A recent Acas survey has reported that over a third of employers (37%) are likely to make staff redundancies in the next 3 months (see here). That is a statistic which can be a surprise to no one, except possibly that it is not higher.
Often in redundancy situations, the majority of the “sympathy” quite rightly lies with the impacted employees. There is no doubt that losing one’s job and the consequences arising from that can be pretty grim. That said, our experience from working with our clients is that it is very rare for those having to make those difficult decisions to relish doing so. Far from it. Acas guidance from a number of years ago made it clear that it was not just OK but actively healthy for the manager carrying out the redundancies (excruciatingly dubbed the “downsizing envoy”) to become distressed, anxious and drained by the whole business.
As such, we have no doubt that businesses faced with cutting jobs or closing operations as a result of the pandemic are agonising over those decisions – not helped by the fact that companies are increasingly being scrutinised on decisions taken and the impact of them, particularly in relation to their people (see our previous blog here). This is particularly pertinent for those companies seeking investment, as any such actions are likely to play into their ESG ratings. However, even beyond this, the way in which businesses have treated their staff during this time may be remembered for years to come and regurgitated by the press on the occasion of each new story about them.
In the face of serious financial pressures and numerous competing agendas (including in particular the prospect of an appearance before the often misinformed and always unforgiving Court of Public Opinion), what should the HR priorities be?
Below are some thoughts which we hope will help and reassure decision-makers in this area. Please note that although these suggestions are in one sense nothing more than what responsible management should be doing anyway, they do sometimes go beyond an employer’s pure legal obligations. However, we appreciate that in these very difficult times, some businesses have suffered terribly. For those businesses, the focus may therefore quite rightly be on doing whatever is necessary for survival in the short term and there will simply not be the same scope for taking these factors into account. For any in that position, these thoughts are not intended to make the hard decisions harder – to the extent that these any of them are more than your company can manage at the moment, we suggest that you file them away for a time in the future when times may be easier.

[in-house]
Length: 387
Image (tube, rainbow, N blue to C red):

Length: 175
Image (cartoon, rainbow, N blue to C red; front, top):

- The pandemic has not changed employment law
While the government has tinkered with some existing statutes e.g. the circumstances in which statutory sick pay might apply, by and large the law still remains the law. As such, you can be reassured that companies can still make redundancies and a redundancy which would have been fair before the pandemic is still fair now. Equally, a redundancy dismissal which would have been unfair pre-coronavirus probably still will be – the pandemic grants employers very little ability to cut corners in that respect.
We won’t set out the law in detail here, but in short the company must ensure that it has a genuine redundancy situation and that it follows a fair process (including consulting and carrying out searches for suitable alternative employment or other options to avoid the termination). Where the threshold for collective consultation is met, the company must ensure that it complies with the additional statutory obligations.
Prospective investors, customers and staff won’t necessarily view redundancy processes as a “red flag”. However, what they will want to see is that decisions are being taken well, with a clear business rationale, but at the same time ensuring that employees are treated as fairly as the circumstances permit.
- Where possible, hard people decisions should be made in accordance with any stated “purpose”
This is a practical point more than a legal one, but nonetheless important in terms of how the company’s decision will be viewed by employees, customers, suppliers and even investors. Where a company has a stated purpose or set of values, it should “test” any difficult decisions it is making against that purpose. If the decision proposed feels uncomfortable in light of that purpose, it is potentially not the right decision to be taking – notwithstanding that it may be legally completely sound.
For example, there have been some high profile “bad” press stories in relation to companies which have (entirely lawfully, it should be said) taken the benefit of the furlough scheme despite having the means not to need to do so, or which have laid off staff whilst also paying out bonuses to the Board. Conversely, step forward those “heroes” of the pandemic who have been seen to put the safety and retention of their staff above pure profit.